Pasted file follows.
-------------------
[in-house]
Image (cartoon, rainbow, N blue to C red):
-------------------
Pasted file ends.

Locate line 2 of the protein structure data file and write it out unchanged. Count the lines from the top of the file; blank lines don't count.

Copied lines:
Image (cartoon, rainbow, N blue to C red):